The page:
Visually, Armored Core V is repulsive, and looks incredibly outdated. If it is to be compared with recent console titles, I’m sure this will be mistaken for a PS2-developed title, except perhaps for that HD bump, which doesn’t really help much in providing a subtle detail to the already bland urban environments. Then again, the Armored Core franchise was never popular for having breathtaking visuals.
What you’ve been reading thus far was me mostly criticizing the formula From Software consented to the game. Even so, for a lot of players, especially to those whom acquainted with the series, the majority of the listed issues won’t be a substantial breaking factor, or even hinder down the level of enjoyment they’re bound to absorb. Yes, for newcomers, Armored Core V is a difficult game, frustratingly difficult. Yet it can be rewarding to those willing to put their precious hours not into learning a new language, or a skill, but to master a mech-combat videogame.
According to Siliconera, Electronic Arts has trademarked ‘SimOcean’, hinting at a possible new Sim game from the publishing giant.
It doesn’t necessarily mean that a game is currently in the works – they could be just be protecting their domain. But then we see it’s Electronic Arts and the possibility of that just diminishes.
During the recent Canadian Video Game Awards show, David Hayter, presenter of the evening, and the man behind the famous Metal Gear Solid character Solid Snake, answered one of gaming’s most pressing question: What would happen if you pitched Solid Snake against himself?
Well, let’s just say it’s a bit explosive-y and awkward. More of the latter.
After many rumors about Nvidia’s dual GPU solution, now that the flagship GTX 680 has been launched, nothing concrete has come from Nvidia. That is until last night when the GTX 690 was officially announced.
As you would expect, the GTX 690 carries two GF110 GPUs, so you get double the benefits of a GTX 680. 3072 CUDA cores, 64 ROPs, 256-bit bus on each GPU and 4GB of RAM in total. Gone is the NF200 bridge used in the GTX 590, instead we have PLX’s PEX 874x switch that is PCIe 3.0 enabled, with 48 lanes.
To accommodate for two GPUs on one PCB some speed drops have been made to reduce heat, but thankfully not by much. Core clock speed is 915MHz (boosting to 1019MHz) compared to the GTX 680′s 1006MHz (Boosting up to 1058MHz).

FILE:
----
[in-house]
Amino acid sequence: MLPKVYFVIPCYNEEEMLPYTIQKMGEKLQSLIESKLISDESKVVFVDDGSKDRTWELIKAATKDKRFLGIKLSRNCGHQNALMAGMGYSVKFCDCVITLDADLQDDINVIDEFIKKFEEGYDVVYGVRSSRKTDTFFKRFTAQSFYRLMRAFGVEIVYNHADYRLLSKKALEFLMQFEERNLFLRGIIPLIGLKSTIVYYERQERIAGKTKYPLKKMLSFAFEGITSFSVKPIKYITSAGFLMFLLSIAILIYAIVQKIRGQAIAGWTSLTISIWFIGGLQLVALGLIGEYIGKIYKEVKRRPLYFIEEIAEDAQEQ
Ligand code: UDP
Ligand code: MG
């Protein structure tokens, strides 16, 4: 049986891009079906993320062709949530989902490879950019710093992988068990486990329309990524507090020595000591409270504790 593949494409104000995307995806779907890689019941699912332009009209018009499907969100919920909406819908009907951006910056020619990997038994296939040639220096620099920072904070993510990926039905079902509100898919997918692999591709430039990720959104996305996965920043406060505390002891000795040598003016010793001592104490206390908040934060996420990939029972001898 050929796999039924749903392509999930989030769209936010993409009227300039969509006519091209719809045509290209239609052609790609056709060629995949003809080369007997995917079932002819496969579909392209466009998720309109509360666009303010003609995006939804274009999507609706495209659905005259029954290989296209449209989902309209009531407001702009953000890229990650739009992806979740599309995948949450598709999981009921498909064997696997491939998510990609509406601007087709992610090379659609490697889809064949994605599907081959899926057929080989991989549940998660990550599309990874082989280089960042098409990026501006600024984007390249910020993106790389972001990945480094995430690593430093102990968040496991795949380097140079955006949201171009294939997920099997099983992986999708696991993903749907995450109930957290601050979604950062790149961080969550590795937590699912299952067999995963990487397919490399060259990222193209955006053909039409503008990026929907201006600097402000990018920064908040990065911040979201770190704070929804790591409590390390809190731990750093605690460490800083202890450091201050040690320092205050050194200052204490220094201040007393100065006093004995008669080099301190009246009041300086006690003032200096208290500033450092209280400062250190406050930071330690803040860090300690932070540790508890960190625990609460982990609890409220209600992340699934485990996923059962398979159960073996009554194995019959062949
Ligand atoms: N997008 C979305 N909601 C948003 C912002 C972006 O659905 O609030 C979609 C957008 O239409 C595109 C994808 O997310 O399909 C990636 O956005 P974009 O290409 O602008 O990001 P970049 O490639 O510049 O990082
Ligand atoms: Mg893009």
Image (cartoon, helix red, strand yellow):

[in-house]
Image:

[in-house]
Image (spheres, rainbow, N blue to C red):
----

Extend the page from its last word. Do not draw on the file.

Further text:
Power comes in the form of two 8-pin connectors, with the GTX 690 rated at 300W TDP, compared to 375W TDP on the GTX 590. But not only does the GTX 690 dissipate less heat, but also runs cooler and quieter, 47dB compared to 51dB on the GTX 590.
The new heatsink on the GTX 690 is equally impressive, in that the aluminum fins on top of the GPUs are attached to chrome-plated aluminum cover, as opposed to the plastic cover on pretty much all of their other cards. Even the fan housing is magnesium alloy, which reduces noise and dampens vibrations. Nvidia will also have an LED which can be controlled by partners to indicate different things, changing colors or level of glow depending on the usage for instance.
All said, the number of monitors connected to the GTX 690 is limited to four, three via DVI and one mini-DisplayPort. The asking price for this impressively engineered product is $1000, which works out about the same as two GTX 680s. Availability will begin on 3rd of May, with more shipments coming in on 7th May. However, given the limited availability of the GTX 680s, don’t expect the GTX 690s to linger in stock for more than a few hours.
We’ll have full review coverage soon.
At least his Chell smiles. Alex Zembe, a designer for the Uncharted series, is working his “ass off” on a pet project called “Companionship_”, a short animation based on Valve’s Portal series.
The film is a “tale of love, loss and cubes” with apparent Pixar inspiration reflecting on the characters and the film’s colorful tone. There is no date on when this will be out, but looks like a fun film to watch.
Well, as long as there will be cake.